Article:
October has been challenging for both bond and equity investors with the ongoing repricing of US rate expectations. The 10-year US Treasury yields climbed 40 basis points. Contrary to September, which has been influenced by the Fed’s hawkish communications, October has been marked by strong US growth1, solid labor market data and an upside surprise in US inflation.
Significant progress has been made by central banks in combating inflation. However, there are reasonable doubts regarding the achievement of inflation targets within the central banks’ forecast horizon in the US2, considering October's 5%3 economic growth rate. In October, the heightened risk aversion has lowered market expectations for another rate hike in 2023, assigning a well below 50% probability to a cut. But scepticism regarding the Fed’s capacity to lower rates in 2024 and 2025 has increased. Currently, future markets are pricing in only a 50 basis point rate cut for the second half of 2024.
As a result, we’ve witnessed a bear steepening, with the long end of the yield curve rising faster than its shorter end. This dynamic has had considerable effects on our bond and equity allocation models. Our bond allocation model maintains an underweight position, anticipating that the rate repricing may persist in the near term. However, it also considers the improved valuations following the recent bond sell-off, gradually reducing the underweight. For equities, our allocation model continues to lessen the overweight position due to the less inverted yield curve, driven more by the Fed’s readiness to maintain higher rates longer rather than improved medium-term economic outlooks. This raises the recession risk, a view supported by our risk model which identifies patterns resembling those of 1990, 2006, and 2018, all periods followed by substantial economic decelerations. As we indicated in August, a recession, while appearing closer, may still be a few months away4.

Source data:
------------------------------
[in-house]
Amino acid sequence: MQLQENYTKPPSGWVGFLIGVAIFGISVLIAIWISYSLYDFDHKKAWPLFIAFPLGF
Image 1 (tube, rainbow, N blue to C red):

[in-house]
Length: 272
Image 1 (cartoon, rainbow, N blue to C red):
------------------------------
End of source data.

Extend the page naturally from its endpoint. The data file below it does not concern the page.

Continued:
Several noteworthy changes have emerged in the output of our risk model, SDRM5, in recent weeks. While the late 80s continue to stand as a crucial reference point in our model's search for a risk environment comparable to today’s, other periods, specifically 2006 and 2018, have become increasingly significant in identifying historical parallels. This shift is attributed to the gradual retreat of some variables from extreme levels6, such as the term spread, which is subtly reverting to normalcy as the inversion of the yield curve diminishes.
In each of these referenced years, the US and other major developed markets witnessed the conclusion of extended policy-tightening cycles, followed by weak growth. Such cycles even escalated to recessions in 2007/08 and the 1990s. The SDRM model's current identification of similarities with the 1990s, and a subtle shift of focus from the late 80s to the 90s, signifies potentially escalating risks of a recession. The historical context reinforces this, given the severe recession that engulfed the US in the late 1990s following a banking crisis. Associated with looming recession threats is the propensity for heightened market volatility. In alignment with this, our SDRM model forecasts a modest rise in market volatility in the impending 21 days."
The global wave7 indicates that the global economy is maintaining its recovery trajectory. However, the foundation of this recovery appears tenuous due to two predominant factors. Firstly, there's a lack of universal momentum in the recovery process, as depicted by significant growth disparities within regions such as the Eurozone and the US. Secondly, the persistent rigor in monetary conditions, as underscored by our transition model, hampers optimistic projections of the near-term economic pathway. An exemplar of this is the historical tight liquidity, tracked by our prime global liquidity indicator (real M1), which shrunk by -8.2% year-over-year. This keeps the risk of a relapse into economic contraction for the global economy at 37%, and for developed markets even at 43%.
Developed markets exhibit a continuance in their recovery phase, albeit plagued by persistent growth divergences, particularly between the US and Europe. The Eurozone data augments the recession probability within Europe, juxtaposed with the US where economic indicators such as the Atlanta Fed nowcast have surged above 5% in October. A notable exemplification of economic resilience is evident within sectors like the labor market and therefore the consumer8. However, the Eurozone’s core nations like France and Germany have witnessed significant declinations in economic momentum. Analysis reveals that stringent lending criteria are increasingly impinging on growth trajectories within both Europe and the US, primarily affecting sectors sensitive to interest rates like housing and banking9 (Figure 2).